Armstrong, meanwhile, delivered a feisty speech that sought to “blow up the bullsh*t” that says women can have it all – a perfect home life as well as a perfect career. The system is not set up that way for working mothers, she argued. It’s more difficult.

Latinovic and Armstrong were inspirational and entertaining contributors. But they are both campaigners and high-profile advocates in this field. You would expect them to have something to say. This is their turf.

In a way, the depth of the progression of the arguments around workplace gender equality was even more apparent in the lower-key contributions of some of the more mainstream speakers. In the past, attending a conference on workplace gender equality may not have been their turf. That it is now says something in itself.

Pat Naughton, the head of human resources at ESB, spoke of putting 200 of the company's managers through an inclusive leadership programme. Without blinking, he argued that the manner in which the economy is set up, in terms of expected working hours and the demands of employers, has made it harder for women to achieve equal outcomes to men.

He suggested that meetings be held at hours convenient for family life, and that flexible working be the norm. Meanwhile, Shane Dempsey, the top lobbyist for the Construction Industry Federation of Ireland, described the efforts underway within the building industry to open it up to women. Only about 1 per cent of workers on building sites are female, he acknowledged.

What Dempsey and Naughton were arguing was not remarkable. It was mostly common sense. What was more striking was that they didn’t look or sound out of place: two men representing corners of the economy where gender issues might have previously been ignored, talking at a conference tailored for women.

Acceptance comes in the ordinary. Much of the debate in favour of workplace gender equality has been won by its advocates. It is fully accepted within the mainstream, and the arc of the argument is virtually complete.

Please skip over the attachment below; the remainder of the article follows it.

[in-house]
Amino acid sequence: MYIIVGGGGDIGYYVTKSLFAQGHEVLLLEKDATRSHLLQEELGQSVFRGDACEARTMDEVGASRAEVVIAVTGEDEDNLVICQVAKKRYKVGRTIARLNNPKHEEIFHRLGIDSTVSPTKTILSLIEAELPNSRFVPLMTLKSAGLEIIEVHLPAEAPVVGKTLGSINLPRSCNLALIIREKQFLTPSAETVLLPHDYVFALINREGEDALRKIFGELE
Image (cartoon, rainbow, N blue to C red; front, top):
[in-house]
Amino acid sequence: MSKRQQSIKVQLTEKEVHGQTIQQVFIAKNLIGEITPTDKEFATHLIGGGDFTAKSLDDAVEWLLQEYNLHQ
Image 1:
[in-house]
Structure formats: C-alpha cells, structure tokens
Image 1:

But that’s only half the battle for equality advocates. The debate will now focus on how to fix it. As the environmentalists may attest, that it is a whole new struggle.


- Now that businessman Michael Fetherston has agreed a deal to buy the five-star K Club golf resort from Michael Smurfit for close to €70 million, it remains to be seen what he will do with it. The resort lost €3.7 million last year. Something has to change.

Fetherston has other interests in the hospitality industry, but he is primarily known as an operator of nursing homes through the TLC group, which has five facilities in the greater Dublin area.

In the weeks leading up to the finalisation of the K Club deal, Fetherston started an overhaul of the corporate structure of his nursing homes group. He has set up a number of new entities, into which it appears that each of the nursing homes will be placed. He didn’t respond to a query about whether he plans to sell any of them to fund the K Club deal.

He also didn’t respond to a query about whether he will look to develop any property for older or retired people on the grounds of the K Club, which might be one way for him to turn a buck on the deal.

- As reported a few weeks ago in The Irish Times, IDA Ireland has spent close to €10 million buying a 211-acre site on the outskirts of Newbridge that could be suitable for one of its so-called “mega-clients”.

The site sits adjacent to a new €100 million Lidl logistics centre, as well as a separate 48-acre site nearby that Lidl had used until now, and which it plans to offload. The retailer says it is close to finalising a sale.

It would seem to make sense for the IDA to buy the old Lidl logistics site and marry it to the 211 acres it has just bought, giving it even more space with which to make its pitch to large industrial investors. But apparently the State agency is not in the frame.